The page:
Listen up CCM world; this is how you write honest songs. Unabashed Midwesterner John Tibbs has released more authentic, epic and quality songs in his short run as a professional songwriter than many artists will produce in a lifetime.
Heartland brims with the kind of honest rock and roll that the late, great Tom Petty trafficked in, with the "heart-on-his-sleeve" craftsmanship that creates an immediate bond with the listener on the first pass. Tibbs excels at applying his songwriting formula (epic, raspy vocals, lots of raw guitars juxtaposed against vintage keyboard sounds that would make 80's era Bruce Springsteen and John Mellencamp smile) to several well-established kinds of songs in the Christian Music world.
Opening barn-burner "Won't Let Me Go" has a title that suggests many other worship tunes at the outset, but ten seconds into the song, it's clear that Tibbs is steering clear of any clichéd worship songwriting, with his compelling voice ringing out as honest and rocking a worship number as has been put to tape in the past few years, "Knocking down the fear of failing / kicking in the doors that lock me out / say goodbye to ghosts that haunt me / go on / I don't need you now / and I will not fear when the earth gives way / and the lightning strikes and the ocean's rage / I will never walk alone / you won't let me go." "Won't Let Me Go" is a tune that Air1 and K-LOVE music programmers should seriously consider adding to the ol' radio play lists. Tunes this energetic, authentic and encouraging deserve a wide audience.
The title track spins a great geographical metaphor (a staple in American music), using the familiar term "heartland" as a picture of living life close to the heart of God. With a slow and epic build, "Heartland" would make a terrific closing track at an arena concert or over the credits of a film. It's the sort of song that isn't being written much anymore, but deserves a comeback. "Midwest Magic" continues the geographical theme, with a sweet love song that rings true and is devoid of all the sappy, cloying moments that often befall songs like this. "Shepherd" is a terrific, compelling and worshipful duet with kindred spirit Sandra McCracken that makes great use of Psalm 23 imagery and scores another win for a "left-field" worship tune (that is, one that is melodic and appealing, yet devoid of all the trappings of modern pop-worship song wring).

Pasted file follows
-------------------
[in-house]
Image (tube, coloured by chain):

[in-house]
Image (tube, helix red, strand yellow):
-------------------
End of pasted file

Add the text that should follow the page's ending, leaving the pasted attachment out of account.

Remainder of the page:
Heartland is a masterful effort from Tibbs, and serves as a textbook example of how to write a rock and roll song with an authentic spiritual, emotional and honest core. With much of Christian music suffering from an excess of glossy and varnished songwriting and production, Tibbs' Heartland ep (and his previous full-length effort Dead Man Walking) is a blueprint that songwriters of faith should give serious consideration to. The world doesn't need anymore clichéd songwriting; it needs honesty and true passion, which Tibbs has in abundance. Turn it up and go for a drive, particularly someplace with fields and a horizon to look at, and then consider the geography and terrain of your own heart.
- Review date: 10/19/17, written by Alex Caldwell of Jesusfreakhideout.com